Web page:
The key to saving your heart is by adding monounsaturated fats to your diet. Peanut oil and butter, canola oil, sesame (til) oil, olive oil, rice bran oil, and safflower oil are good examples of monosaturated oils, which you can use as cooking mediums. A leading cardiologist in Calcutta had postulated way back in the 1980s, one reason why Bengalis, despite being so excitable, tend to develop cardiac diseases less than some ethnic groups is that their food is almost wholly cooked in mustard oil, while fish and greens dominate their daily menu. With a balanced combination of around 60% monounsaturated fatty acids — 42% erucic acid, 12% oleic acid; around 21% polyunsaturated fats — 6% omega-3 alpha-linolenic acid, 15% omega-6 linoleic acid; and 12% saturated fats, mustard oil has the greatest health benefits to offer you.
Think of all the advice you brushed off thinking, “What does grandma know?” Much more than you ever realized. You should avoid, as far as reasonably practical, baked foods like pies, pizzas, cakes, pastries, and doughnuts. You can begin with substituting red meats with fish like sardines, albacore tuna, rohu, catla, halibut, pabda, herring, and salmon, that have omega-3 fats. This would help you substitute saturated fats with polyunsaturated fats. However, be wary of fish like king mackerel and swordfish which might have high levels of mercury. Note that nuts such as almonds, walnuts, pecans, hazelnuts, and cashews which come from trees, and seeds like flaxseed are a good source of omega-3 oils, sterols, and fiber.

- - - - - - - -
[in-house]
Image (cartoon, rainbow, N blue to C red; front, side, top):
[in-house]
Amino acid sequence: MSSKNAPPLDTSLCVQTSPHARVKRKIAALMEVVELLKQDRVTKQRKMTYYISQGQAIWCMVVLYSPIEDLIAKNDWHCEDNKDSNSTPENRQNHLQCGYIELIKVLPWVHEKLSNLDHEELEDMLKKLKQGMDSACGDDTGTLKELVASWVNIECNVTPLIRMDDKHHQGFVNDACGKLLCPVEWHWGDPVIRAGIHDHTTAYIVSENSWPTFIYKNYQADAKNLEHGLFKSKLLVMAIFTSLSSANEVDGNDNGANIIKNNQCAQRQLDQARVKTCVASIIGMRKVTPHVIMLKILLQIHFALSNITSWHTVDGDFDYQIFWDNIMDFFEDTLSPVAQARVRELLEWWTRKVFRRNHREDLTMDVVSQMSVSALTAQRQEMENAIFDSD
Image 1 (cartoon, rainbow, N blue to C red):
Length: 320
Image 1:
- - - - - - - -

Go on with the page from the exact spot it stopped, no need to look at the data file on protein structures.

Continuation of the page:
Delve into all those colorful vegetables and fruits like beets, tomatoes, berries, melons, lemons, and grapes to benefit from their cholesterol-blocking molecules called sterols and stanols. The biggest advantage of sterols and stanols is that they do not clog the arteries because their chemistry is different from human cholesterol. Not just bok choy, spinach, lettuce, kale, garden cress, collards, and fenugreek leaves; but also those crunchy green vegetables like broccoli, cabbages, beans, and asparagus; fruits like bananas, avocados, plums, oranges, olives, apples, prunes; other veggies like sweet potatoes, colored bell peppers, peas, cauliflowers, and carrots provide the necessary crunch and fibers your body needs to cleanse the fatty deposits.